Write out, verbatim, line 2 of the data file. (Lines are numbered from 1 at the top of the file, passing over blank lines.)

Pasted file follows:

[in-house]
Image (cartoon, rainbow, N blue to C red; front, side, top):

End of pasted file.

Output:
Image (cartoon, rainbow, N blue to C red; front, side, top):